The Bluebells

Exile on Twee Street

by Dave Heaton

11 November 2014

 
cover art

The Bluebells

Exile on Twee Street

(Cherry Red)
US: 5 Aug 2014
UK: 25 Jul 2014

In their original run, the Scottish band the Bluebells were around for a few years in the early ‘80s, and recorded just one LP: 1984’s Sisters. The album had one song produced by Elvis Costello and another, perhaps their biggest hit, co-written with Siobhan Fahey of Bananarama (“Young at Heart”). Though hard to find, Sisters is to this day a delight, “jangle pop” that moves like a breeze, with an optimism that infiltrates even its most melancholy moments (“Will She Always Be Waiting”). Or it presents optimism within the melancholy, like on the opener “Everybody’s Somebody’s Fool”.

The version of that song that kicks off the new compilation Exile on Twee Street (a clever title or a stupid one, I’m not sure which) accentuates that feeling, sounding a bit Byrds-like and having a “Blue Moon”-style guitar solo. The subtitle for the CD is “Songs from Glasgow 1980-1982”. That means what we’re hearing here is the band in its infancy. Some are rough demo versions, others predate their first album but sound like they could have been included. Others suggest roads they didn’t quite travel but could have.

The CD has been described, in press materials and reviews, as showing the way their sound connected with the Glasgow scene of the day: Orange Juice, Aztec Camera, etc. That might be true; this is classically “indie-pop” music. And you can clearly hear the influence on future indie-pop bands (my best example, from a personal level, is how strongly elements of “East Green” point towards the Ladybug Transistor). But just as clear to me is the “classic” side of that, the way the music harkens back to pop music of previous decades. The chorus to “Happy Birthday” could be on oldies radio (when oldies radio was still playing ‘50s/‘60s music and hadn’t moved on to the ‘70s and ‘80s). “Wistful Thinking” sounds older than it is.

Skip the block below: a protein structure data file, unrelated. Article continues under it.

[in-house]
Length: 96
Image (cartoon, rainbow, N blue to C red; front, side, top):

The compilation was put together by Robert Hodgens, aka Bobby Bluebell, and it shows. Especially at first it’s fairly seamlessly put together, versus just strong together in random order. That’s less true as it proceeds near the end, when it gets a bit more esoteric (and less interesting). It ends with a cover of the Velvet Underground’s “I’m Set Free” which starts off sounding remarkably Big Star-like but breaks apart a bit as it proceeds.

The collection is varied in sound, from low-fi snapshots of the moment to songs that would have fit well on a proper release and will be hugged warmly by longtime fans of the band. In the second half, the style gets shinier and brassier; like they’re trying to figure out the optimistic style of Sisters. It also starts feeling more “odds and sods” in organization. But that leaves perhaps more room for surprises, like the tenderness of “Tender Mercy”. In all, this collection is meant for Bluebells fans. But considering how otherwise difficult it would be to stumble across their music, it serves as a decent introduction to them as well.

Exile on Twee Street

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